I have some of those "1001 ... you must see before you die" books and felt like this concept could be applied to board games as well. Since I don't claim to be the ultimate authority on games, I decided to crowdsource and turned to boardgamegeek.com, the biggest board game database online.
How to poster
- This initial attempt took the top games from boardgamegeek ranked list (only those with 30+ ratings).
- Rankings were then adjusted for complexity bias.
- After that the player count recommendations were sorted from best to worst.
- Then I filled out the table, trying to put top games in their best column. Had to introduce some bias toward larger player counts, because 7 is an uncommon player count; 6×167=1002 games looks much better on a poster though.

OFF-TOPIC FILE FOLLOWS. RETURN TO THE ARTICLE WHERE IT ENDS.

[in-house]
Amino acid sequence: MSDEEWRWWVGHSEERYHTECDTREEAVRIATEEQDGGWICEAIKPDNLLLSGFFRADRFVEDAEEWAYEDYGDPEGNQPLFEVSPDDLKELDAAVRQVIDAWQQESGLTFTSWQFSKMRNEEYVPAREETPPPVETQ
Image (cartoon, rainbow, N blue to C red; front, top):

- Finally the columns were sorted and coloured by weight.
The resulting visualization makes it pretty clear that it's really hard to design a good game that is both complex and playable with many people at the same time.
If I were to make an actual book on this subject, I would definitely add some less highly rated but historically relevant games (Chess, Monopoly, Go), more regional games, and try to account for age bias in general as newer games tend to be more generously rated.